At a meeting of prominent party pollsters hosted by the Republican National Committee this spring, one veteran suggested the committee formally advise candidates against contracting with companies that used automated technology to conduct surveys.
On its face, that suggestion made sense: Automated, or interactive-voice response, polls don’t call cell phones, and thus they seem to run afoul of guidelines proposed this spring by the RNC and the National Republican Congressional Committee. But automated polls don’t require human interviewers, so they are much cheaper to conduct than live-caller surveys. And since survey costs are increasing rapidly — as Americans move away from traditional landline phones and are generally less receptive to participating in polls even if they are reached — automated surveys are being used with increasing frequency by campaigns and the parties’ campaign committees. Both the NRCC and the Democratic Congressional Campaign Committee began conducting their own interactive-voice response surveys in the last election cycle as a supplement to the millions of dollars in live-caller polls they commission.
It also didn’t help that the pollster who made the suggestion at the RNC pollster meeting did so while sitting only a few feet from Brock McCleary, the 2012 polling director for the NRCC who has now established his own robopolling firm, Harper Polling. McCleary didn’t say a word; he didn’t need to, given that the suggestion seemingly came out of left field in a context in which automated polls weren’t even being discussed.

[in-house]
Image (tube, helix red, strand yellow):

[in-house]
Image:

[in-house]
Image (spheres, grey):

The uncomfortable incident served to underscore the tension that exists between pollsters who want to innovate and experiment with emerging techniques and those who are comfortable using older, heretofore reliable methods of survey research, a tension that is the subject of a new story I wrote for National Journal magazine, published this week and available to National Journal members. The story outlines how the RNC and NRCC have tried to mandate certain methodological standards in an effort to address some of the party’s inaccurate 2012 polling — and the degree to which GOP campaign pollsters are cooperating with the effort.
Harper’s McCleary was the only pollster invited to the meetings who primarily uses interactive-voice response, or automated, phone calls. In multiple interviews earlier this year, he balanced defending his methodology — because they must use automatic dialers, IVR surveys are banned by federal law from calling cell phones — with the NRCC’s recommendations. (The RNC protocols included a specific carve-out for automated polls.)
“The most accurate pollsters in the country [were] PPP and Purple Strategies” during the 2012 election cycle, he said, naming two prominent automated pollsters. “I’m certainly seeing that there’s an incredible amount of interest” in automated polls so far in the 2014 cycle.